Born and raised in Otara, of Samoan descent, Beulah Koale is one of the busiest young actors in the country. It's been six years since the 22-year-old was offered the chance to attend a drama programme run by Auckland-based theatre company Massive Company, and he's since had roles in Harry, Shortland Street, Fantail, and theatre shows like The Brave and Black Faggot, which he's just been performing at the Edinburgh Festival.
But it's Kiwi film The Last Saint, in which he plays lead character Minka -- a young man trying to help his mother overcome a methamphetamine addiction who finds himself pulled into the Auckland underworld -- which has really got critics' attention.
He has a quick chat with us about the role.
The producer has called The Last Saint a "rebel film". How do you think of it?
I think it's something that New Zealand hasn't seen, that's for sure. The closest film you could compare it to would be Once Were Warriors, it definitely has that kind of vibe. It's a rebel in the way it was made, because there seemed to be a lot of people who didn't want the film to be made, or to support the film, but it's a story that needs to be told. And the film is hard-out, you walk out feeling pretty knocked out. There's not actually a lot of violence in the film, there's only really two full-on fight scenes, but I guess that violence feels real and heavy, and that's because of the story, and the world that's portrayed.
Do you remember when you first read the script?
I was 16, still at school and had no idea about the acting world, and I auditioned for a movie called Matariki, and I didn't get the role, but the director passed my name on to Rene Naufahu [writer and director], and suggested I audition for The Last Saint. So it was the second-ever audition that I'd done, and I was really raw and didn't know anything. But Rene saw something in me, and from then on he taught me pretty everything I know about acting, he's taken me under his wing -- I look at him like an older brother.
What appealed to you about the role of Minka?
Hopefully you can't help but love Minka for what he does in the film. His journey was to save his mum, that's his number one aim, and he'd do anything to try and help her, including including compromising himself.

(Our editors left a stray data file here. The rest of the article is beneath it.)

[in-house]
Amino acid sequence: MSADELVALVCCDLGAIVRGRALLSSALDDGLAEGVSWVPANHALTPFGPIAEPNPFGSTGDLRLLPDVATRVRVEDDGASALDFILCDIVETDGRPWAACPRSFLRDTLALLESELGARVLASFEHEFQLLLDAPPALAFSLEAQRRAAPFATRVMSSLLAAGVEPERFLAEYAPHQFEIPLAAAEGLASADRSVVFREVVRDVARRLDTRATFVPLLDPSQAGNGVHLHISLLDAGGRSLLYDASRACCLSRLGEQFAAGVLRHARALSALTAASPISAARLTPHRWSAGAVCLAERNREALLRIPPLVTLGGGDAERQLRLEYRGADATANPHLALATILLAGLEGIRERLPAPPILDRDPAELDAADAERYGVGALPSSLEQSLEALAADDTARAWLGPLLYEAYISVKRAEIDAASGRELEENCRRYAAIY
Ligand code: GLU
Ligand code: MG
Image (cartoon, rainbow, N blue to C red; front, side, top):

I've talked to cops and so on, doing some research, and there are definitely Minkas out there, and people need to know they exist. I'm from South Auckland, so I know what's out there, and I don't need to go far to see people who need help. That's what I love about this film, is that people normally turn a blind eye to it, but the film is trying to convince people to take another look, because those kids are really out there, doing anything they can to save a loved one.
Have any of your other roles contributed to the way you played Minka?
They all contributed little snippets of Minka, and I would always try things out in these other roles to see how they worked, and I would take away little ideas and put them in my Minka box. Because Minka goes through so much stuff, characters like Lua in Harry gave me an opportunity to give things a test run, and because he was a real person, doing research on him also helped me with the world of Minka.
They're all linked by a sense of desperation, they're desperate, and lost, and they don't really know what they're doing, and they're very vulnerable. But I was waiting to shoot this one, to play Minka, for five years.
Did you do anything in particular to prepare yourself for filming any heavy scenes?
Well, Rene's a director that doesn't say much, and we've known each other for a long time, so he knows that I know the story, because I've read it so many times, so he let me play. He didn't say 'Hey, do it like this', he let me work it out and trusted me. I guess my preparation was the script, and those five years really, and that made me confident that I knew everything I could about the film and the character. So there were no special exercises, I just tried to play each scene as truthfully as I could.
What do you want to do next?
I want to do more films if I can. I want to be the Samoan version of Cliff Curtis. I'm just going to keep learning, and taking opportunities, and see how far I can go.
Who: Beulah Koale
What: The Last Saint
Where and when: In cinemas from today